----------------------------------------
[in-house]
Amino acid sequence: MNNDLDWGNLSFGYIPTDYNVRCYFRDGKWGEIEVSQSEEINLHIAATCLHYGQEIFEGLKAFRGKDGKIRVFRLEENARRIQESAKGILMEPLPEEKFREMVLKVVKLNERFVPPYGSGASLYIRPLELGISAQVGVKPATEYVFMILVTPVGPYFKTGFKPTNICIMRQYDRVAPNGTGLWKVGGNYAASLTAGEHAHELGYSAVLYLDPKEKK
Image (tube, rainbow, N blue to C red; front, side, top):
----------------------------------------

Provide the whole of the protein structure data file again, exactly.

[in-house]
Amino acid sequence: MNNDLDWGNLSFGYIPTDYNVRCYFRDGKWGEIEVSQSEEINLHIAATCLHYGQEIFEGLKAFRGKDGKIRVFRLEENARRIQESAKGILMEPLPEEKFREMVLKVVKLNERFVPPYGSGASLYIRPLELGISAQVGVKPATEYVFMILVTPVGPYFKTGFKPTNICIMRQYDRVAPNGTGLWKVGGNYAASLTAGEHAHELGYSAVLYLDPKEKK
Image (tube, rainbow, N blue to C red; front, side, top):